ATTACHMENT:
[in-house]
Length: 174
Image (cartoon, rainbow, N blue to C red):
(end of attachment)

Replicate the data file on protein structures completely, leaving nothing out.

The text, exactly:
[in-house]
Length: 174
Image (cartoon, rainbow, N blue to C red):